Saturday, January 21, 2012

Proverbs 9 - Carpenter Flock Notes for 120122SS@TBC

Study Questions:
1. There are eighteen verses divided into three sections.  What is each section about?

2. What are the two middle verses in this chapter?  How is that significant?

3. The first six verses are an appeal by Wisdom and the last six are an appeal by Folly.  Make a list of similarities and a list of contrasts between their appeals.

4a. Look for statements that emphasize choosing to be wise (or not).
4b. Look for statements that connect deeds to destiny (or illustrate lack of connection).
4c. Look for the terms that describe the three kinds of people (have chosen Folly; have chosen Wisdom, still on the fence).

 Application Questions:
·         Based on this chapter, think of characteristics that make a child prone to choose Wisdom or prone to choose Folly. How much can parents shape them?
·         Who speaks for Wisdom and Folly in our culture? in your children's lives?
·         Is it possible for parents to keep their kids from hearing Folly? If yes, then how?  If no, then how do we prepare them?
·         Think about these statements...
      "People show their character by their response to correction." 
       “But how can we expect our children to want to come to a banquet if we never attend ourselves?”  --Paul Kiptak in The NIV Application Commentary

1) Wisdom demands a decision, a change of direction  (5, 6; turn in here, come, eat and drink, forsake, go in the way)
2) To receive correction or rebuke requires humility (vs. the arrogance of the mocker).  (7-9; The mocker, the contrast between the scoffer [wicked] and the wise, and the wise related to correction   "
Whoever loves instruction loves knowledge, But he who hates correction is stupid." Prov. 21.1)
--> Do you teach your children how to respond to correction and why?  Be clear on your expectations and even roll play with them.  (What is the purpose of reproof and correction in 2 Timothy 3.16-17?  ...that the man on God might be....) 
3)  As we look at the middle verses we see that author is not neutral, but interjects comments in favor of wisdom.   Parents can't force a decision, but should be avocates.  Wisdom sent her maidens and shouted from the hill top.

1) The knowledge and fear of God represent an understanding of The Holy One and the change it causes in our attitude.  Two sides of one coin.
2) Knowledge of God - "Knowing God becomes a basis for knowing how to live, and how to choose."  (Do you ever have the opportunity to tie the character traits and rules to the character God.  Be careful, consistent, and clear when (not if) making those connections.)
Ill. how we connect the character (attributes) of God to character traits in everyday life.
3) Fear of God - balance between watering down the meaning and being one dimensional in our understanding.  ("It is important to understand and teach that the same God who inspires fear tells us not to fear.")  
(What do you think about 1 Samuel 11.7?  Does it offer any help for parenting?)

1) Children and adolescents are neurologically not well equipped to make those connections and need help.
2) Enforcing, teaching and then coaching an understanding of the connection between deeds and destiny.  The idea of James 4.17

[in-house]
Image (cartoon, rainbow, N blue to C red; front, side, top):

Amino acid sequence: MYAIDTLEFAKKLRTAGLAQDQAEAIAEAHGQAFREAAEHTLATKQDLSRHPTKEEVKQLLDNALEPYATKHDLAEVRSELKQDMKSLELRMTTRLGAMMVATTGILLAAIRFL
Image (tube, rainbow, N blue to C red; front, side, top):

v. 12  "the ultimate gainer or loser is the man himself.  Your character is the one thing you cannot borrow, lend, or escape, for it is you.  (cf. 14.10)"  --Kidner
3) Learning to contrast planning, consistency, and effort for lasting fulfillment with instant and temporary gratification.  
4) Learning to think in terms of eternity.  (6: live -- 18; the dead are there)

1 Samuel 14

1  Samuel
14. Saul shows himself to be an erratic and disorganized leader in this chapter.  
14.32  with blood...  I wonder how much this had to do with Saul's oath about nobody eating.
14.45  a face loosing moment for Saul.  Hoorah for the people and common sense.
14.49-50  This is one of those seemingly unimportant trivial sections that actually lays some groundwork to understand some of the dynamics of coming event.
     Ner -- Meaning: light / the father of Kish (1 Chr. 8:33). 1 Sam. 14:51 should be read, “Kish, the father of Saul, and Ner, the father of Abner, were the sons of Abiel”.   And hence this Kish and Ner were brothers, and Saul and Abner were first cousins (compare 1 Chr. 9:36).
14.50  I can hear Samuel saying, "I told you so."

Thursday, January 19, 2012

1 Samuel 11-13

1 Samuel 
11.6  his anger was greatly aroused...   a  result of the Spirit o God coming on him that would cause one to think about what it means in Colossians three when it identifies anger with the old man.
11.7  the fear of the Lord fell on the people...  The result of Saul threatening to cut up everybody's oxen if they did not follow him into battle.   This is an interesting connection of cause and effect that I am thinking about.
12.3  witness against me before the Lord...   What an amazing thing for a man to say.  It would scare me to death to make a similar declaration to everybody I've know.  It also stands in stark contrast to the current political scene.  How many of our leaders would dare to do something like that.  It also gives us something to aspire to.
12.13  whom you have chosen...  an ominous declaration.  A reminder to be careful what you wish for.  You may just get it.
12.21  go after empty things which cannot profit or deliver, for they are nothing.  Now that will preach.  It also sounds like something from the book of Proverbs.
12.23-25  great leadership verses.
13.13  done foolishly...  Of all the things that Samuel could have said about Saul's disobedience, his choice of words is instructive and thought provoking.
13.19  Maybe it's the geeks and manufactures who really win the wars.